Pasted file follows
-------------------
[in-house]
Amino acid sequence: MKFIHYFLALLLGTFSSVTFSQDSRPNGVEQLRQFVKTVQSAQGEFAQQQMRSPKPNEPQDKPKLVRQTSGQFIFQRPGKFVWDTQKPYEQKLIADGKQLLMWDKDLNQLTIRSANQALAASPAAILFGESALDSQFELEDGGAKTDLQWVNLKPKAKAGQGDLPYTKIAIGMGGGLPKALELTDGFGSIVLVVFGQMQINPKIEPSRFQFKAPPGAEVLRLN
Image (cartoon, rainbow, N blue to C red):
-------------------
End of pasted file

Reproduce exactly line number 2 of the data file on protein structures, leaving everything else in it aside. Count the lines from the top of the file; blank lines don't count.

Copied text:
Amino acid sequence: MKFIHYFLALLLGTFSSVTFSQDSRPNGVEQLRQFVKTVQSAQGEFAQQQMRSPKPNEPQDKPKLVRQTSGQFIFQRPGKFVWDTQKPYEQKLIADGKQLLMWDKDLNQLTIRSANQALAASPAAILFGESALDSQFELEDGGAKTDLQWVNLKPKAKAGQGDLPYTKIAIGMGGGLPKALELTDGFGSIVLVVFGQMQINPKIEPSRFQFKAPPGAEVLRLN